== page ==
Experts agree that a 45-day preconditioning period puts cattle on the path to feedyard success. Research from New Mexico State University found that calves weaned 41 to 60 days gained faster, had fewer days on feed, less sickness and the highest subsequent carcass values, compared to groups weaned fewer or more days.
It’s not just about the number of days, though. Starch-based diets, like corn, seem to be key in marbling development, so setting calves up well during this critical phase will ensure gains and grade on down the line.
During the suggested 45-day minimum preconditioning period, target gains of 2 to 2.5 lb. per day while preparing calves for the feedyard environment.
The main goals in this period are:
- Acclimate calves to eating from a bunk and drinking from a waterer
- Provide time for complete vaccination and booster program
- Allow calves to re-gain lost weight due to weaning stress
Post-weaning nutrition can be as diverse as the ranches the cattle are raised on, but a few key principles will apply regardless of the operation. The two important variable are what calves eat and how it’s delivered. Calves should have easy access to trace minerals and vitamins to prime their immune system prior to weaning.
Silage mixtures or good-quality, free-choice hay are two options for getting them accustomed to a new feed source, but ranch resources might dictate what’s fed.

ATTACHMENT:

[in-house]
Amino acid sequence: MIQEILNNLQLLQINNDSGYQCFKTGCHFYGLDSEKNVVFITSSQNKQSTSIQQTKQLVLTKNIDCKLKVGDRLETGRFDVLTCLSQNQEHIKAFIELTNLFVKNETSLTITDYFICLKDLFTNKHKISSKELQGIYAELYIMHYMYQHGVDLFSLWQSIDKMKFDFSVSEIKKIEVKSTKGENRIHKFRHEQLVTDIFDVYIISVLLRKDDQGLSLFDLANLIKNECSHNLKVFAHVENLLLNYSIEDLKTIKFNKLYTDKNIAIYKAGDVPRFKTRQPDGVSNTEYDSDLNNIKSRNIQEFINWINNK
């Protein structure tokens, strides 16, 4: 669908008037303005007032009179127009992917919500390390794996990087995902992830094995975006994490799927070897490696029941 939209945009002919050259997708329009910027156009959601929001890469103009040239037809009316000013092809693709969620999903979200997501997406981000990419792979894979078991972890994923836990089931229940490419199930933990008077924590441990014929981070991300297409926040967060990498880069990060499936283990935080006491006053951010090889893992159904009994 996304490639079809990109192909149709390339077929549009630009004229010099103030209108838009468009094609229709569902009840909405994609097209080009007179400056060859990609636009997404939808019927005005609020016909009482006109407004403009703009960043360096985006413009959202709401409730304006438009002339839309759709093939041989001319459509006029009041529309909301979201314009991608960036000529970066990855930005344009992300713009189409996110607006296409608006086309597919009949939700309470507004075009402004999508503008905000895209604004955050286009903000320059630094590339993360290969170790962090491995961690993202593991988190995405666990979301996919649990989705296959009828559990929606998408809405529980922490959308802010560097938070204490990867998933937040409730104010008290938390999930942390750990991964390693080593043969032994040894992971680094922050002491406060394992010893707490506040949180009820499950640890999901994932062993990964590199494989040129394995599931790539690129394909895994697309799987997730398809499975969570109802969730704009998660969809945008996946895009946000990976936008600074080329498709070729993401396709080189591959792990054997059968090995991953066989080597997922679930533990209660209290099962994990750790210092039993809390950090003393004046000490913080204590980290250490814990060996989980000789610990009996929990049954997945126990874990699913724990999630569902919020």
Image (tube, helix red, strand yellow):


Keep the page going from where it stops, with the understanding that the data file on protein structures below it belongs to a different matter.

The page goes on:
Here are some tips to follow:
- It has to be highly palatable to drive intakes.
- It needs to be nutrient dense, since calves won’t be eating much for the first few weeks.
- It needs to be well-balanced between highly fermentable energy and roughage to avoid digestive problems.
Utilize a corn-based, high-starch ration with an ionophore. Starch-based weaning diets will enhance marbling deposition in the calf, continuing the lifetime approach to quality grade improvement. Ionophores maintain gut health while improving protein supply to the animal. Because the distilling process removes starch, distillers grains or corn gluten feed are not recommended as the primary component of a creep diet for calves destined for a quality market. These ingredients make excellent protein sources but should not make up more than 20% of the diet to continue marbling enhancement. While ingredients are important, the amount of nutrients is as important as the source.
If calves are moved from a high-energy diet to a lower gain (<2 lb./day) growing diet, they will not continue to develop marbling at a high rate. A good rule of thumb is for a calf to continue to gain at a constant or increasing rate each day. Long periods of compensatory gain can be detrimental to a lifetime of marbling development.